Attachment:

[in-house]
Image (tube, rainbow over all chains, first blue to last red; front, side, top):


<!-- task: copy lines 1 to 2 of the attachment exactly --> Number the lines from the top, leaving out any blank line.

[in-house]
Image (tube, rainbow over all chains, first blue to last red; front, side, top):